Charles ‘Buddy’ Rogers and Clara Bow in Wings (1927), from http://www.nytimes.com
And so to the finale, perhaps even a climax; the full live orchestral presentation of William Wellman’s Wings (USA 1927), featuring the Photoplay print, and the Orchestra Mitteleuropea conducted by Mark Fitz-Gerald playing the Carl Davis score. It’s one of his finest, I think, that great March as the main theme, some nice leitmotifs reappearing throughout as appropriate … very effective.
And, what with all the sound effects of the battle sequences having to come from the orchestra, I would imagine a nightmare to play. Well, Ladies and Gentlemen, they nailed it. It’s a powerful film – not just the legendary flying sequences, or the breathtaking battlefront climax … but the subtle underplaying of emotions, too … sometimes Clara and Buddy go slightly over but Arlen, and particularly Henry B. Walthall convey the suppressed emotion just beneath the surface to great effect.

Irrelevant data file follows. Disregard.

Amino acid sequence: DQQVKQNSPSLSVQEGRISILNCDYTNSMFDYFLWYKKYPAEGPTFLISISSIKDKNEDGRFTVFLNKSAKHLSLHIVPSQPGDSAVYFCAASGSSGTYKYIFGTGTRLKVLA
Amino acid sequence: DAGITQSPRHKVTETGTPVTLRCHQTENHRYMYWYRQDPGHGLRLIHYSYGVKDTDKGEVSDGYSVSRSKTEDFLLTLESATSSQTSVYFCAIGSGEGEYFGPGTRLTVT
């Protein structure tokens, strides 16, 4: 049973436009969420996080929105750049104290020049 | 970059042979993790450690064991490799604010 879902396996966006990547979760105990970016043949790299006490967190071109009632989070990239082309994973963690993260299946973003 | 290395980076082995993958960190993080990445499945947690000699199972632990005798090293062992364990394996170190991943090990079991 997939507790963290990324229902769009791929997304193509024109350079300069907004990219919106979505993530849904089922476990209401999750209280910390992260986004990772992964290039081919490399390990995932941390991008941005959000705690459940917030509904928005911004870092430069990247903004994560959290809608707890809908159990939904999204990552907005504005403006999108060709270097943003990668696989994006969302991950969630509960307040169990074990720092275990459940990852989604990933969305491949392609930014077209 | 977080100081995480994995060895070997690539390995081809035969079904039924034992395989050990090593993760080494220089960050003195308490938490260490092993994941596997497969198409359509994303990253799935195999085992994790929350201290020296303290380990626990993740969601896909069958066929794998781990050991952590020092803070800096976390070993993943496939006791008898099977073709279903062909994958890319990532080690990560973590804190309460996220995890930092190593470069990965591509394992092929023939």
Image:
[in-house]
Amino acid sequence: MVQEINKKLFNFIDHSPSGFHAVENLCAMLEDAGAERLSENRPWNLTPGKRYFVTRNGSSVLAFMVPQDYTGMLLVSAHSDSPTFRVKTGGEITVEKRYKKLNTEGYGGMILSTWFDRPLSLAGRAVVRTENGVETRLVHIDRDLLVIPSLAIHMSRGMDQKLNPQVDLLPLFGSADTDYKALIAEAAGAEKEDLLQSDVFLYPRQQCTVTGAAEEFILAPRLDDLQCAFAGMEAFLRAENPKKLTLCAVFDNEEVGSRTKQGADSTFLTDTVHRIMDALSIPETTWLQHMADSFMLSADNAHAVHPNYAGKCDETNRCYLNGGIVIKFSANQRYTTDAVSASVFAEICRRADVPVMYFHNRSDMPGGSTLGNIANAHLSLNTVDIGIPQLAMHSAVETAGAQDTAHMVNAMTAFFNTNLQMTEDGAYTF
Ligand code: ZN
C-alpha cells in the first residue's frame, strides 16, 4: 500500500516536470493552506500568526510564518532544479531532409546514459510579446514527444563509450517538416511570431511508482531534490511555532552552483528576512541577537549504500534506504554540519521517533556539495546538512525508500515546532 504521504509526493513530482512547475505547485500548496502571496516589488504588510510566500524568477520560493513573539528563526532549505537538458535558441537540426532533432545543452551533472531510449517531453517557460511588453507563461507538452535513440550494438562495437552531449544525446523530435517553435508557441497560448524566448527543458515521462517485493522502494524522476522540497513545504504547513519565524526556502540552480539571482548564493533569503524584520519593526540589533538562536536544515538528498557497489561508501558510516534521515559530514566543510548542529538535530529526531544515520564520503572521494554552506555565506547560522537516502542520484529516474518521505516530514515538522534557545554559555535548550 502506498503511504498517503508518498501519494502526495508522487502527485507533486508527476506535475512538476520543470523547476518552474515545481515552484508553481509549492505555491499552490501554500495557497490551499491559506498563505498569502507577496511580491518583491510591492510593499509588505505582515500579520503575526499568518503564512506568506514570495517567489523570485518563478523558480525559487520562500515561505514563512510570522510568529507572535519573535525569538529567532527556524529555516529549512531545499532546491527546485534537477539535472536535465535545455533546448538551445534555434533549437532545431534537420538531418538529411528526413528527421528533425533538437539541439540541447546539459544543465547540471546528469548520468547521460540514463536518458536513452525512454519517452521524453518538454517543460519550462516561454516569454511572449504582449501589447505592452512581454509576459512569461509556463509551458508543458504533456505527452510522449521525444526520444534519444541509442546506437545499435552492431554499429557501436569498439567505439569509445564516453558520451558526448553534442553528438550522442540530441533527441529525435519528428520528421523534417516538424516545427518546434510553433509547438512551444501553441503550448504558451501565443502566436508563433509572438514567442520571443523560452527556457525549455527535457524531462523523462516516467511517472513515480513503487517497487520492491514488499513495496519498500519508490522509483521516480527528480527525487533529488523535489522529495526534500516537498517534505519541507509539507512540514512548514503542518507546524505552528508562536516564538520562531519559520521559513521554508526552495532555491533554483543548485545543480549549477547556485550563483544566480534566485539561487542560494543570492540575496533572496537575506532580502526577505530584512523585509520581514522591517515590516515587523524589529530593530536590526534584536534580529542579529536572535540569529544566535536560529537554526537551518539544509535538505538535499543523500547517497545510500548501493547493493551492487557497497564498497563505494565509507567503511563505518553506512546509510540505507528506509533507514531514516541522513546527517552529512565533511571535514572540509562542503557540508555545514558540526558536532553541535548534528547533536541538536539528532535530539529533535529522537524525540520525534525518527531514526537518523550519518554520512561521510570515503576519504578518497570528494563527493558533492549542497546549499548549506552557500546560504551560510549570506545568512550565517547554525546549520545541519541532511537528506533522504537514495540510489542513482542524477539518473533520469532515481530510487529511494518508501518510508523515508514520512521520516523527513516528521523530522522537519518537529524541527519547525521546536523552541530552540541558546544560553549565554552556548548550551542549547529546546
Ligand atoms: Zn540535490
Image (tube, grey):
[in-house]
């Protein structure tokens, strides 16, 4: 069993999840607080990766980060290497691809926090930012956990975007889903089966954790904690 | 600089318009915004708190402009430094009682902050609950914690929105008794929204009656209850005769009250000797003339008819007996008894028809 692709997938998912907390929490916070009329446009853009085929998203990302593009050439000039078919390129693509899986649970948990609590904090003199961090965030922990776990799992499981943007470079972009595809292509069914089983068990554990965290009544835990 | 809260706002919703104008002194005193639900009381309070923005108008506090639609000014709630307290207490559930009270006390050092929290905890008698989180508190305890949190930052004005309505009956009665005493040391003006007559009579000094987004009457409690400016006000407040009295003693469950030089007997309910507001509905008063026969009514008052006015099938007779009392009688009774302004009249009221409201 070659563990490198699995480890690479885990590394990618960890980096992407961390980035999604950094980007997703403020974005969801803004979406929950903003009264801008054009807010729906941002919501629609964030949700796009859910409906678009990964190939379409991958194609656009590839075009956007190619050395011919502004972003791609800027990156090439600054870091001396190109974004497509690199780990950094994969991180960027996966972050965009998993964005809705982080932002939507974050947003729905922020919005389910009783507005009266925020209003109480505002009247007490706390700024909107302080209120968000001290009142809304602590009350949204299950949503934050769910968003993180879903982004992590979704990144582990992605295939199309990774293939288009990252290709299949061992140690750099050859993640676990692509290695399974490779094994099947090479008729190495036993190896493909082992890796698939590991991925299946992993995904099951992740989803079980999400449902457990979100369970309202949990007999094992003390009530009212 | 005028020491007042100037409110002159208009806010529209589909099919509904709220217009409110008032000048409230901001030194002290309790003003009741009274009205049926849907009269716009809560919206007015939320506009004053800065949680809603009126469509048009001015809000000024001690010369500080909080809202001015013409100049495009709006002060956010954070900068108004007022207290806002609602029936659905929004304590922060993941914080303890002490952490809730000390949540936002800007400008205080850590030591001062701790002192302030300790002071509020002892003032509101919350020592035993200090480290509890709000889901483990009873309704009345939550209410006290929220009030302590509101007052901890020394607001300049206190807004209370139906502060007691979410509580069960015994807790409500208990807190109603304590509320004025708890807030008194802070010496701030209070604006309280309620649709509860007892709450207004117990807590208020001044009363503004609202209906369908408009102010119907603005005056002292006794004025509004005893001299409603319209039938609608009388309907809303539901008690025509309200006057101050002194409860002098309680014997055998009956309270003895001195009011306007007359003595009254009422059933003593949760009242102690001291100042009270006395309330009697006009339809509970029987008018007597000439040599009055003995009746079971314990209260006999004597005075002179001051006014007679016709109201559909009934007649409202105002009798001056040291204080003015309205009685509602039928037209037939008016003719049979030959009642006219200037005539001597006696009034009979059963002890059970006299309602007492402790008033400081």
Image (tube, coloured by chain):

But it is famous for those war sequences, and deservedly so; on the big screen you get to see so much more of it; on a small screen you don’t see the aircraft growing from the smallest dot to ambush the pontoon bridge, or the staff car … you don’t quite see the battlefield extending right to the horizons … and you’re involved, you’re in the air, or in the mud, with them. And did the shot of the white crosses covering the whole landscape inform the similar shot in Attenborough’s Oh! What A Lovely War? I would just hesitate from calling it the perfect WW1 film; for that we would need a little more Gary Cooper, a little less El Brendel, a good deal fewer animated bubbles in Paris … with the latter, a nice idea that was way overused … actually, that applies to El too. And I struggle to quite see how anyone with Clara living next door would pursue the rather more watery charms of Jobyna Ralston. However much an advantage being from The City conferred. But this is nitpicking; you sit back, let the film and the orchestra take you to a time past; either WWI, or the days in the twenties when such presentations were daily occurrences in the larger cities … it was a terrific way to end the Giornate of 2010.